WHILE HUNDREDS OF BOMBS POURED DOWN BAGHDAD over the weekend, an Iraqi child celebrated her birthday in a small garden party by the Tigris river.
Cruise missiles were exploding all over the city, the sky was dark with black smoke, and the tableware were rattling from the tremors but the party for Amal Shamuri, who just turned 13, went on in the midst of war.

This was the story shared by Kathy Kelly, an American who is part of the Iraqi Peace Team (IPT), to members of the Asian Peace Mission whom she met and worked with while they were in Baghdad last week.

Headed by Akbayan! party-list representative Loretta Ann Rosales, the mission was composed of civil society leaders and parliamentarians from the Philippines, Pakistan, Thailand, and Indonesia.

Kelly, along with a few dozen peace activists from all over the world have chosen to remain in the Iraqi capital to be with the Iraqi people in their hour of need, to monitor the conduct of war, and to document possible war crimes committed by the coalition forces.

Amal celebrated her birthday with her family, her friends, and members of the IPT. As though it were just another birthday party, the children played parlor games, blew balloons and soap bubbles, and ate the usual party foods such as barbecued chicken, potato salad, deviled eggs, and chocolate cake.

And as what usually happens, the kids ate the cake first before the rest of the dishes could be served to the adult guests.

Greeting bombs with laughter

“The explosions only temporarily silenced the festivities,” shared the IPT members who were there. “But with moments the garden once again erupted to squeals of laughter and boisterous childhood games, played beneath rising plumes of air-borne debris and smoke in the distance.”

“Life is more powerful than death,” remarked Shane Claiborne, age 27, an IPT member from Philadelphia. “How can George Bush bomb these kids?” he asked.

The Asian Peace Mission returned from Baghdad last week warning that the Iraqi children, who constitute half of the country’s population, will suffer most from this war.

The World Health Organization (WHO) estimates that 100,000 Iraqis will be killed in the invasion; another 400,000 will die as indirect casualties. The United Nations High Commissioner for Refugees (UNCHR) predicts that up to 900,000 Iraqis will be rendered refugees. Most of these casualties and refugees will be children.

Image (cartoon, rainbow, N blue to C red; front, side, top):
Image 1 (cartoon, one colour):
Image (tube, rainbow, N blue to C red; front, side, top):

Amal once joked that she wants war – but only if George Bush would bomb her school. Asked what her birthday wish is, Amal – whose name means ‘hope’ in Arabic beamed and said, “All I want is peace.”

Holes on the Ground, Shattered Windows

If they’re not ducking for cover in their hotels’ bomb shelters, members of the IPT have been driving around Baghdad, visiting their Iraqi friends’ houses, and going to hospitals.

They report seeing large and deep craters on the road as well as small homes with all of their front windows shattered from the impact of explosions.

Sick children had reportedly been evacuated from hospitals either because their parents were afraid of flying shards of glass from the hospital’s big windows or because the parents also had to go home to comfort their healthy children.

Nurses in the hospitals said that aside from treating those injured by the bomb explosions, they were also treating many of the elderly who were having cardiac problems because of the stress and trauma resulting from the bombardment.

Make Tea, Not War

Members of the IPT expressed surprise that they could even walk around freely in “enemy” territory.

“If the United States were being bombed by a foreign country,” asked Bettejo Passalaqua, “what chance do you think there would be that those of the aggressing nation would be allowed to walk around so freely and made so welcome?”

On their way back to the hotel, Wade Hudson recounts how they passed by two groups of soldiers who initially eyed them suspiciously. But the IPT members wished them peace and the soldiers smiled back sincerely.

“If Chicago was under attack – and people known to be from the attacking country were in Chicago – it’s hard for me to imagine that they’d be sitting in a pleasant hotel tea room together,” noted Kelly.

“So when I think of Baghdad and Chicago in that light, I love Chicago, I miss it – I think it’s a city that’s full of a terrific diversity of people – but I often think: What would be happening in Chicago if
what’s happening here were happening there?”

Kelly also thanked the Asian Peace Mission for coming to Baghdad. “On behalf of Iraq Peace Team members here in Baghdad, I want to thank you for coming here with your persuasive message,” Kelly wrote. “Your tenacity and commitment will undoubtedly help invigorate numerous groups to sustain nonviolent resistance to the cruel days ahead.”